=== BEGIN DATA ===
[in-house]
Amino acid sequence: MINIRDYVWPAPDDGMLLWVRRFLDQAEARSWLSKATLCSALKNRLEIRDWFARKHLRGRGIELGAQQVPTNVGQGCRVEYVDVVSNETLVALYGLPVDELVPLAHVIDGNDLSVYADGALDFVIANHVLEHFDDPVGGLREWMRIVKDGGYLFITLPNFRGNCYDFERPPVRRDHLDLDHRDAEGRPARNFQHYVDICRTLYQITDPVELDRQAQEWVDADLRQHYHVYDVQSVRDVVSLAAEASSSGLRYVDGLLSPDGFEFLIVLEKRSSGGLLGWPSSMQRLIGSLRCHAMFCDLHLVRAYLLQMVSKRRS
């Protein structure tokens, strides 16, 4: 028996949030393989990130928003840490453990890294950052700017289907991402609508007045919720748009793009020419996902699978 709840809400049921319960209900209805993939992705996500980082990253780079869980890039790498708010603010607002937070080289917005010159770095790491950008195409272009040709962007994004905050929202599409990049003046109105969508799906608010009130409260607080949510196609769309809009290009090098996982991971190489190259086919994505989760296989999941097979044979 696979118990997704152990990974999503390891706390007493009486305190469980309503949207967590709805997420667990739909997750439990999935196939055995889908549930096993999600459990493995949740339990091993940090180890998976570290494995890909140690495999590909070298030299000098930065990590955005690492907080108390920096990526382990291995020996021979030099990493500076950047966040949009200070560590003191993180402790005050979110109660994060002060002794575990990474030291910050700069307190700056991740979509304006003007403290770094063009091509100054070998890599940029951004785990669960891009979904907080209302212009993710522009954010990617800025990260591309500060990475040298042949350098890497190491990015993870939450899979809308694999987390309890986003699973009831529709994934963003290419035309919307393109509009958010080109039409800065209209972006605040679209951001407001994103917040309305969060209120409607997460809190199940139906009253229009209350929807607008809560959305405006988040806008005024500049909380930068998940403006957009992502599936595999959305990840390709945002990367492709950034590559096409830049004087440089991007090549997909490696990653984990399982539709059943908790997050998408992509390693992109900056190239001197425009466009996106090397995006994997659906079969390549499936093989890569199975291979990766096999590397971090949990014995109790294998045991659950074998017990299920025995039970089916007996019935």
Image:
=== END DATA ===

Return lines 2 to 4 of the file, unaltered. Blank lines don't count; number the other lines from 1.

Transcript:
Amino acid sequence: MINIRDYVWPAPDDGMLLWVRRFLDQAEARSWLSKATLCSALKNRLEIRDWFARKHLRGRGIELGAQQVPTNVGQGCRVEYVDVVSNETLVALYGLPVDELVPLAHVIDGNDLSVYADGALDFVIANHVLEHFDDPVGGLREWMRIVKDGGYLFITLPNFRGNCYDFERPPVRRDHLDLDHRDAEGRPARNFQHYVDICRTLYQITDPVELDRQAQEWVDADLRQHYHVYDVQSVRDVVSLAAEASSSGLRYVDGLLSPDGFEFLIVLEKRSSGGLLGWPSSMQRLIGSLRCHAMFCDLHLVRAYLLQMVSKRRS
């Protein structure tokens, strides 16, 4: 028996949030393989990130928003840490453990890294950052700017289907991402609508007045919720748009793009020419996902699978 709840809400049921319960209900209805993939992705996500980082990253780079869980890039790498708010603010607002937070080289917005010159770095790491950008195409272009040709962007994004905050929202599409990049003046109105969508799906608010009130409260607080949510196609769309809009290009090098996982991971190489190259086919994505989760296989999941097979044979 696979118990997704152990990974999503390891706390007493009486305190469980309503949207967590709805997420667990739909997750439990999935196939055995889908549930096993999600459990493995949740339990091993940090180890998976570290494995890909140690495999590909070298030299000098930065990590955005690492907080108390920096990526382990291995020996021979030099990493500076950047966040949009200070560590003191993180402790005050979110109660994060002060002794575990990474030291910050700069307190700056991740979509304006003007403290770094063009091509100054070998890599940029951004785990669960891009979904907080209302212009993710522009954010990617800025990260591309500060990475040298042949350098890497190491990015993870939450899979809308694999987390309890986003699973009831529709994934963003290419035309919307393109509009958010080109039409800065209209972006605040679209951001407001994103917040309305969060209120409607997460809190199940139906009253229009209350929807607008809560959305405006988040806008005024500049909380930068998940403006957009992502599936595999959305990840390709945002990367492709950034590559096409830049004087440089991007090549997909490696990653984990399982539709059943908790997050998408992509390693992109900056190239001197425009466009996106090397995006994997659906079969390549499936093989890569199975291979990766096999590397971090949990014995109790294998045991659950074998017990299920025995039970089916007996019935």
Image: